Below is one of the Tadoussac Bears having a face-off with with a Red Squirrel – my money is on the squirrel!

IMG_6880

Early spring?

At this time of year the weather dominates your thinking. The cold has been around for long enough thank you and you can’t wait to see your deck again, we all desperately want spring except that is for the deranged who will insist on strapping planks to their feet and sliding down hills. All the indications are that we might be slipping into an early spring here in the frozen north. It might be -29°C wind chill at the moment but the habitual liars at the weather network keep showing the long range temperature indicators depicting average daily temps edging towards the positive. Of course it might be a ruse and the first week of March might come and bite us, again!

Another indicator is the lack of birds. I have been out around St-Clet again recently and the absence of Snow Buntings and Snowy Owls is significant. Yesterday was another example of failure but fortunately at least one of the St-Lazare Great Grey Owls granted us an audience but not a clutter free photo opportunity. He, or perhaps she, proved popular and a couple of groups of photographers showed up to try for that National Geographic shot but it was never going to happen. One old boy that we passed had a very unique method of carrying his not unexpensive gear. Think Buckaroo and the way different parts of a plastic Donkey had bits dangling from it until it bucked and you have some sort of idea of the spectacle.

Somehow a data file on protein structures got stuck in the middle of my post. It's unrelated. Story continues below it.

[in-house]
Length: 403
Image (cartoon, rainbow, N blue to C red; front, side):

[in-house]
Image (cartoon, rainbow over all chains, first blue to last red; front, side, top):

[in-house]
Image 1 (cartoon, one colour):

Although we have only just had a vacation, Sandra and I are already planning the next. That is the beauty of birding, there are always so many options that you are never stuck for ideas and from Canada the tropics continually beckon. Planning trips is a lot of fun in itself but you also need the carrot of something to look forwards to, especially when it is actually still winter and it will be at least six weeks before the first welt of a Mosquito bite from your own stock appears, usually on an exposed elbow.

Below a shot of yesterday’s owl – I could photoshop out the debris but this is how they mostly look, slightly obscured and with an air of aloofness and disinterest. When you are in the company of one of these beasts you get the impression that you are not of any importance and certainly not as interesting as say, a tasty vole – it sort of puts you in your place.

IMG_2404

Cuba 2012 report done

I just uploaded the trip report for our trip to Cuba 2012. It took a while because the enthusiasm waned a bit but it is there now, as per usual contact me if you’d like a Word version. To view select the trip reports tab at the top and scroll down.

Below a Wild Turkey snapped on my last Snowy Owl search. Three times I’ve been out looking recently but no Snowy Owls, it has been a very quiet winter for them.

DSCN0086